Monday, June 7, 2010


It is literally impossible to not think about soccer right now.  Even as I type I am surprised that my keys are still black and white and have not been redesigned to be the flags of the world or white with cool little octagons surrounding them.  

Jozi has the fever, and I'm swept up into it.

I cannot believe that I am looking forward to the cup as much as I am... but I am.  I drive down the street and not even get angered when street vendors are blocking the way, selling flags, hats, noise makers and  vuvuzelas.  

Anyone can stop me in the store and ask me where anything is, even the most obvious things,  like oats that are stacked to the ceiling, and I'll smile and point the way to them.  

World Cup... the event I never, ever - even remotely- understood has come to this country.  

The teams coming to the world cup are professional teams from 24 countries who have shown themselves to be the best in the world.  All except for one team: South Africa's.  Since we are hosting the game, FIFA (Federation Internationale de Football Association) has to let our beloved team play.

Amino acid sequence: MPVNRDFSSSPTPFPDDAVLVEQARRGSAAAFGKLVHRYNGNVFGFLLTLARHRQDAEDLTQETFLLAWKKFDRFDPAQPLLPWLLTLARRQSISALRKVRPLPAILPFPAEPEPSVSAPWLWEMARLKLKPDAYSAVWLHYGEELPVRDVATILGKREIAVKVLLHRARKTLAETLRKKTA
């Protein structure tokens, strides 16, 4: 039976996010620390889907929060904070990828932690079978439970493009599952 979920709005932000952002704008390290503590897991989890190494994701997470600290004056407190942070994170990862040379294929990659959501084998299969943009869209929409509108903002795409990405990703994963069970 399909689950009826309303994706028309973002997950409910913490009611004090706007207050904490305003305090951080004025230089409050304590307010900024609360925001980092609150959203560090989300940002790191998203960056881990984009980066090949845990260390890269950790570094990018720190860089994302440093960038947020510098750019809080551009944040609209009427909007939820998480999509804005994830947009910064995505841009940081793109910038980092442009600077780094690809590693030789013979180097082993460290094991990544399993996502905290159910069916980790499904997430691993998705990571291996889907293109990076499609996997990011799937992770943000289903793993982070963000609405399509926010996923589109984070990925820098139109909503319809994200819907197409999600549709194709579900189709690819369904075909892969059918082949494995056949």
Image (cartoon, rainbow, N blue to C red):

At our supermarkets (our main ones are Checkers and Pick and Pay) the clerks hope for our underdogs to show the world that we are no longer an insignificant African tip of a nation and instead a sport force to be reckoned with.  Our team has trained hard can hold the field with anyone now.  The reason? We’re pumped up!

Their name, Bafana Bafana, basically means “our boys”.  Umfana is the Zulu word for boy, Bafana means more than one boy.  The affection of that nickname says that these chosen 23 have been birthed by South Africa, and will make her proud. 

To cheer them on, most South Africans will dance, sing and blow long horns called vuvzelas.  To make the noise desired from the chosen plastic flashy instrument, you seal the mouth over the end and blow!!!  This results in that trumpet or bugle note that is close to an airhorn.  Normally, it is a loud, irritating sound...but during World Cup season, blown by a South African, it sounds like victory!!

On Friday, the 11th of June, the opening ceremonies start at 3:00 p.m., but the first game is at 4:00, and our house is going to become a carnival of people, most speaking Zulu and doing the diski. 

I’ll tell you what that is tomorrow.

Oh, and by the way, if you’re reading this, come over and party with us on Friday...and wear yellow...and bring cold drink.  

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